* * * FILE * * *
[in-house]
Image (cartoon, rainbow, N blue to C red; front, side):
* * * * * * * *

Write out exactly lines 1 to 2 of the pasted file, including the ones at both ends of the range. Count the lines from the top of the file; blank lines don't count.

[in-house]
Image (cartoon, rainbow, N blue to C red; front, side):